Greenwood Gardens

16 June 2023

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Home Notes from the Garden

Volunteers of a Different Sort

Volunteers of a Different Sort

Self-sowers or self-seeding plants are a delightful and natural phenomenon. As the name suggests, self-sowers reproduce without human intervention, allowing new plants to emerge and grow in different areas of the garden each year. They contribute to the naturalistic and ever-evolving character of the landscape, creating a sense of continuity and renewal, whilst adding an element of spontaneity.

One of the joys of self-seeding plants is the ease with which they propagate themselves. Once established, they require minimal effort from the gardener, as they can self-regulate and find suitable growing conditions on their own.

At Greenwood Gardens, we embrace our collection of self-sowers. From the boldly delicate blooms of poppies to the soothing frilliness of love-in-a-mist (Nigella), these self-seeding plants contribute to the garden’s evolving beauty throughout the season.

Here are some of the self-seeders we celebrate at Greenwood and where you can find them:


Over time, these beautiful flowers cross-pollinate and, as a result, can now be found throughout the garden in all shades of blues, purples, and pinks. The bell-like shape of the flowers makes them easily recognizable. The double-flowered Aquilegia vulgaris ‘Clementine Salmon Rose’ has a fluffy appearance with its profusion of petals and is quite stunning.   Find them everywhere at Greenwood, from the West Walk, to the parking lots, to the D-Shaped Pool.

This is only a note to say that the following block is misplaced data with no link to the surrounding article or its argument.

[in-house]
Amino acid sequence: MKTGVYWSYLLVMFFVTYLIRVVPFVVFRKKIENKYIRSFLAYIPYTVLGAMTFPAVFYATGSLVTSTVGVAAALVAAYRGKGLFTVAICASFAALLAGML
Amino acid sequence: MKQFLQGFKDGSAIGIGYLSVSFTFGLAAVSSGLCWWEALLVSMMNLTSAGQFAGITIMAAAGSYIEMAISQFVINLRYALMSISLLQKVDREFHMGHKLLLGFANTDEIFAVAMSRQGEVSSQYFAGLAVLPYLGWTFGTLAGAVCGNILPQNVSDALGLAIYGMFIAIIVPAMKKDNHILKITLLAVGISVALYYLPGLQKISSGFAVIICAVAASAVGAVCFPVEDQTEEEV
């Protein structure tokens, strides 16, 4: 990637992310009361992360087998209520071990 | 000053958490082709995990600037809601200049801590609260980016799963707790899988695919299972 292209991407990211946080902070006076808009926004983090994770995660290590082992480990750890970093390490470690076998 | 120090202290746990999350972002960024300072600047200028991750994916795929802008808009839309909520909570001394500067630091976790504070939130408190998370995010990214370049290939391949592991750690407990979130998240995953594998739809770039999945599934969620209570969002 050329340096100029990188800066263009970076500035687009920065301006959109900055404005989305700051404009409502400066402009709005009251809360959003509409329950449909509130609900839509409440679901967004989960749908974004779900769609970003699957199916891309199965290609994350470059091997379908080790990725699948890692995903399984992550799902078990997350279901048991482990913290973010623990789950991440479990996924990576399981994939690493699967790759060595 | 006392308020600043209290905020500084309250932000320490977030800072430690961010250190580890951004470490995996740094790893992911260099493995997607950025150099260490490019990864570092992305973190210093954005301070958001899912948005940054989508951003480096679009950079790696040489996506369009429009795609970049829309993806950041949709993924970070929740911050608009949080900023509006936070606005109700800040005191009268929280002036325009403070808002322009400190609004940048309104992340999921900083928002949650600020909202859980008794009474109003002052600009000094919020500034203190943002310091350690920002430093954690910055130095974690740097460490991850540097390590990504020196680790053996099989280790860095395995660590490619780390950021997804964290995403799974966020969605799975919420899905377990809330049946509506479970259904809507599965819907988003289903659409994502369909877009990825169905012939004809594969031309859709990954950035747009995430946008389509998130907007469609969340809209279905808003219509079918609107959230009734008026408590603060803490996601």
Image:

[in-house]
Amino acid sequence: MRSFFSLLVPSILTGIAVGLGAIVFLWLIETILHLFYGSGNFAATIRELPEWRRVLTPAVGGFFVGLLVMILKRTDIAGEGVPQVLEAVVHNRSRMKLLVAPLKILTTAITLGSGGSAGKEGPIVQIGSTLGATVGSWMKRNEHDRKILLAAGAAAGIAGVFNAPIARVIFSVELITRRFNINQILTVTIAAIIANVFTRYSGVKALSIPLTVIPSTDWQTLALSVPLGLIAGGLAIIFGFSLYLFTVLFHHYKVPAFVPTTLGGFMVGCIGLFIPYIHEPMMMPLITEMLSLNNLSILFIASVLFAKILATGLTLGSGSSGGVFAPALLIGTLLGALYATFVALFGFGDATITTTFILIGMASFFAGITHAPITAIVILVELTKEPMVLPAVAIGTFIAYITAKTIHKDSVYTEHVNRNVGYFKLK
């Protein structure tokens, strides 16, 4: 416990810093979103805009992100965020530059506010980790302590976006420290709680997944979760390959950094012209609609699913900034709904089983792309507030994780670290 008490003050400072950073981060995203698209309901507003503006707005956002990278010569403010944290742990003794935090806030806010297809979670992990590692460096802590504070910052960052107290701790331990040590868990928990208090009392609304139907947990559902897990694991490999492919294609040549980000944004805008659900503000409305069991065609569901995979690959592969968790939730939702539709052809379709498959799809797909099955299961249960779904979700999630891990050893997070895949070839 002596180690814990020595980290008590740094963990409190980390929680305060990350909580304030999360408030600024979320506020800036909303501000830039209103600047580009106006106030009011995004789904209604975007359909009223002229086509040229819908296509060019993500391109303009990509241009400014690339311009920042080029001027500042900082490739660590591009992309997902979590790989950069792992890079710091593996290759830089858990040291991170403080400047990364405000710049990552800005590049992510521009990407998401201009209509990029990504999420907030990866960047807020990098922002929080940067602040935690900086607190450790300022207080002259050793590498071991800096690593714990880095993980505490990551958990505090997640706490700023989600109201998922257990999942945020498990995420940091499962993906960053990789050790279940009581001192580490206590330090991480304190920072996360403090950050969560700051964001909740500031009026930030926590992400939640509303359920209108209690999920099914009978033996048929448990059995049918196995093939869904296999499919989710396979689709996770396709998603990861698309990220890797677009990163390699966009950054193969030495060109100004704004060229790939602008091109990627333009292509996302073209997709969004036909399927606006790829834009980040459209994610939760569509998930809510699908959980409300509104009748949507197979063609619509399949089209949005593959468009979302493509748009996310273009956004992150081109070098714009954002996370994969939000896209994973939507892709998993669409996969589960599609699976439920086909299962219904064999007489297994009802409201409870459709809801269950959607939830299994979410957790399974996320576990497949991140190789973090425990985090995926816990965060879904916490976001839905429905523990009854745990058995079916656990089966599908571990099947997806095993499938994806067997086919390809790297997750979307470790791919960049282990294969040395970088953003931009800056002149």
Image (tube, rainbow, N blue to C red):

Rose Campion

Visitors won’t easily miss the dramatic deep pink rose campion (Lychnis coronaria) surrounding the D-shaped Pool. Rose campions are notable for their long silvery-green stems and their ability to self-seed readily when conditions are favorable. A white variety, ‘Alba,’ also grows near the barn.


These ornamental plants have been a common feature in English cottage gardens since the Elizabethan Era. Recognizable by their frilly foliage and dramatically shaped flowers, they self-sow if their gorgeous globe-like seed pods are left to mature. Find them most prolifically at Greenwood by the base of the steps near the Cascade. An eye-catching variety named ‘African Bride’ grows near the pergolas on the Main Lawn.